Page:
Article 3

Everyone has the right to life, liberty and security of person.

Dahlia Rodriguez

About my work

Dahlia strongly believes in arts and culture as vectors of social change. The promotion of the UDHR was a very special opportunity because the project involved embroidery and quilting: creative languages without borders used for centuries worldwide, especially by women, to express their deepest thoughts and feelings.
Dahlia used her profile as a basis for the embroidery in her block. The rainbow symbolises threats the LGBTIQ+ collective is still facing everywhere in this world. However, the rose colour of Dahlia’s voice and body is a reference to feminism, and a bridge to other craftivism initiatives such as the Pussy Hat. Dahlia used long stitches to strengthen her message. Showing her principles and commitment to sustainability, she reused old French linen and cotton threads.
Dahlia believes that working with more than 130 persons from over the world was the most important value of this initiative. ‘It’s an example of how powerful we are,’ she says, ‘because together we can make it happen.’

- Dahlia Rodriguez

Dahlia Rodriguez

About me

Dahlia Rodriguez studied history of art and management of cultural heritage in Valencia and development cooperation at Hegoa Institute, Spain. From 2004 to 2010, she worked as project manager in the fields of cultural development cooperation in organisations based in Argentina, France, Lebanon and Morocco.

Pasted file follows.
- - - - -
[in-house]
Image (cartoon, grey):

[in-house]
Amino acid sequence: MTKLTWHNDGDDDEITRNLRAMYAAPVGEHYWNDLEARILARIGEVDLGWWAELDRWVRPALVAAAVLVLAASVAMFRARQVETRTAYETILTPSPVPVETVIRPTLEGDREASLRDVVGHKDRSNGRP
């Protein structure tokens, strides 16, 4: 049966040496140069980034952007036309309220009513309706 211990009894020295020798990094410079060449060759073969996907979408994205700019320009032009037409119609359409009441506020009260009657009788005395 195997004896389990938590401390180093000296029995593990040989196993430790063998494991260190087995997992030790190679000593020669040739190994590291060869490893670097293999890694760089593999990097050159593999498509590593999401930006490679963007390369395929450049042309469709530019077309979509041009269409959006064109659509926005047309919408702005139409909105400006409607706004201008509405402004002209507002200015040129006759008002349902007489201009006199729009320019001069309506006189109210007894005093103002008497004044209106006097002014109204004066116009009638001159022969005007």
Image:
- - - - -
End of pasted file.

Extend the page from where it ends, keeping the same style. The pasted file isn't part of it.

Since 2009, she has worked on intercultural dialogue and women’s empowerment for international organisations such as the United Nations Development Programme (UNDP), the North–South Centre of the Council of Europe and the United Nations Alliance of Civilizations (UNAOC). In this framework, she organised international events such as forums, summer schools, conferences and workshops.

In 2015, Dahlia joined Dialogue Café Association to coordinate international debates on social innovation, creative makers, human rights and intercultural dialogue. At the same time she started to collaborate with the Global Platform for Syrian Students, where she currently works. 

Her interest in traditional artisanship and cultural heritage brought new projects to her life: the Craftivism Lab, a digital lab to promote and share information about craftivists promoting social change; her own brand of textile creation; and Mus-Art, a research project aimed at promoting women artisans and enhancing artisan know-how.

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